- Sorenson C, Drummond M. Improving medical device regulation: the US and Europe in perspective. Milbank Q. 2013;92(1):114- 150.
- US Department of Health and Human Services, assistant secretary for legislation. Testimony on FDA’s medical device program by Michael Friedman MD. Accessed December 2, 2013.
- Kramer DB, Xu S, Kesselheim AS. How does medical device regulation perform in the United States and the European Union? A systematic review. PLOS Med. 2012;9(7):e1001276. doi:10.1371/journal.pmed.1001276.
- Federal Register. Cardiovascular devices; reclassification of external counter-pulsating devices for treatment of chronic stable angina; effective date of requirement for premarket approval for external counter-pulsating devices for other specified intended uses: docket no. FDA-2013-N-0487: May 2013. Accessed December 2, 2013.
- American Academy of Orthopaedic Surgeons. The 510(k) process—it’s not broken, so why “fix” it? Accessed December 2, 2013.
- Association for Medical Ethics. Who is already reporting payments to physicians? Accessed December 2, 2013. http://www.ethicaldoctor.org/medical-ethics/articles/physician-payments-sunshine-act/who-is-reporting-payments-to-physicians/
- Patient, Consumer, and Public Health Coalition. Comments on proposed order “Cardiovascular devices; Reclassification of intra-aortic balloon and control systems (IABP) for acute coronary syndrome, cardiac, and non-cardiac surgery, or complications of heart failure; Effective data of requirement for premarket approval for IABP for other specific intended uses.” http://patientsandconsumers.org/iabp-reclassification/. Accessed December 2, 2013.
- Zuckerman DM, Brown P, Nissen SE. Medical device recalls and the FDA approval process. Arch Intern Med. 2011;171(11):1006– 1011. doi:10.1001/archinternmed.2011.30.
- Zuckerman DM, Brown P, Nissen SE. Reply to “FDA recalls not as alarming as they seem” [commentary]. Arch Intern Med. 2011;171(11):1045-1046.
- Rome BN, Kramer DB, Kesselheim AS. FDA approval of cardiac implantable electronic devices via original and supplement premarket approval pathways, 1979-2012.JAMA. 2014; 311(4):385- 391.
- National Research Center for Women & Families. Testimony of Dr. Anna E. Mazzucco, senior fellow, at FDA Advisory Committee on premarket approval of nucleus hybrid L24 system cochlear implants. https://center4research.org/public-policy/testimony-briefings-statements/testimonycochlearimplant/. Accessed December 2, 2013.
- Fox DM. The Convergence of Science and Governance: Research, Health Policy, and American States. Berkeley: University of California Press; 2010.
- Federal Register. Unique device identification system: Section G: General exceptions from the requirement for the label of a device to beat a unique device identifier—exception for existing inventories of finished devices that have been labeled prior to the applicable compliance data—final 801.30(a)(1). September 2013. Accessed December 2, 2013. https://www.federalregister.gov/documents/2013/09/24/2013-23059/unique-device-identification-system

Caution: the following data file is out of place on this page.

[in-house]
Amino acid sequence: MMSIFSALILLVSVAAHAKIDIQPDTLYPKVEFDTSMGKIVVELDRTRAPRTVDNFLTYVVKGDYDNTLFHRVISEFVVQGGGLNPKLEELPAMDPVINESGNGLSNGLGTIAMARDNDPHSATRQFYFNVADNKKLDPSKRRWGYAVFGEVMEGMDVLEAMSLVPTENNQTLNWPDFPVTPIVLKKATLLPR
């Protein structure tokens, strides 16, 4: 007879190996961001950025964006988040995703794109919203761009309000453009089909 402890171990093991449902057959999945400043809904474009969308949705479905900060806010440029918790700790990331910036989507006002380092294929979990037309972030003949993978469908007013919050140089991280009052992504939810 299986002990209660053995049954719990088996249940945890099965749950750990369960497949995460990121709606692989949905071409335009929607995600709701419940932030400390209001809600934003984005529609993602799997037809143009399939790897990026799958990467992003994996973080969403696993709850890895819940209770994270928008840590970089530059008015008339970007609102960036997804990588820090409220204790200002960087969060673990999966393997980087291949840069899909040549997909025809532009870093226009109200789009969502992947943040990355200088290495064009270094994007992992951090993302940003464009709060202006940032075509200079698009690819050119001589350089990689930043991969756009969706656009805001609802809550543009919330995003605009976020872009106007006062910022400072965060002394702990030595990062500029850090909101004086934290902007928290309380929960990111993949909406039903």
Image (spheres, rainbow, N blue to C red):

- Institute of Medicine. Medical Devices and the Public’s Health: The FDA 501(k) Clearance Process at 35 Years. Washington, DC: National Academies Press; 2011.
- Rosenthal E. In need of a new hip, but priced out of the U.S. New York Times. August 3, 2013. Accessed December 2, 2013. http://www.nytimes.com/2013/08/04/health/for-medical-tourists-simple-math.html?pagewanted=all&_r=0
- Zuckerman D, Booker N, Nagda S. Public health implications of differences in US and European Union regulatory policies for breast implants. Reprod Health Matters. 2012;20(40):102-111. doi:10.1016/S0968-8080(12)40662-0.
- Carpenter D. Reputation and Power: Organizational Image and Pharmaceutical Power at the FDA. Princeton, NJ: Princeton University Press; 2010.
- Altenstetter C. Medical device regulation in the EU, Japan and the US: commonalities, differences, and challenges. Innovation; Euopean Journal of Social Science Research. 2012;25(4):362-388. doi:10.1080/13511610.2012.723328.
- Young J. How did these five lobbyists become congressional staffers? The Nation. May 6, 2013. http://www.thenation.com/article/174003/how-did-these-five-lobbyists-becomecongressional-staffers#. Accessed December 2, 2013.
- Carey MA. AdvaMed’s Nexon: expect more health cost reduction. Kaiser Health News. June 14, 2012.Accessed December 2, 2013.
- Parmar A. Five medical device firms that spent the most in lobbying in 2012. Device Talk. April 2, 2013. Accessed December 2, 2013. http://www.mddionline.com/blog/devicetalk/five-medical-device-firms-spent-most-lobbying-2012
- Lerner J, Fox D, Nelson T, Reiss J. The consequence of secret prices: the politics of physician preference items. Health Aff (Millwood). 2008;27(6):1560-1565. doi:10.1377/hlthaff.27.6.1560.
- See many articles on all-metal implants by Barry Meier in the New York Times; most recently “Hospital studies link heart device to clots,” November 28, 2013, B1. Accessed January 21, 2014. http://www.nytimes.com/2013/11/28/business/3-hospital-study-links-heart-device-to-blood-clots.html An example of Peter Whoriskey’s articles on devices is, Whoriskey P. Rise in spinal fusion surgeries may be driven partly by financial incentives, study says. Washington Post. November 13, 2013. Accessed December 2, 2013. https://www.washingtonpost.com/business/economy/rise-in-spinal-fusion-surgeries-may-be-driven-partly-by-financial-incentives-study-says/2013/11/13/2c87188a-4c87-11e3-be6b-d3d28122e6d4_story.html?utm_term=.2cc333954e92
- Industry pioneer: James Benson. MedicalDeviceLink.com: Medical Device & Diagnostic Industry. August 2004. Accessed December 2, 2013.
- Former FDA Center Director Daniel Schultz joins Greenleaf Health as senior vice president. Business Wire. January 6, 2010. http://www.businesswire.com/news/home/20100106005346/en/FDA-Center-Director-Daniel-Schultz-Joins-Greenleaf. Accessed December 2, 2013.
- David Feigel, MD, MPH profile. NDA Partners LLC. http://www.ndapartners.com/consultants/index.php?cat=partners&page=feigal. Accessed December 2, 2013.
- D. Bruce Burlington: Curriculum vitae. Accessed December 2, 2013.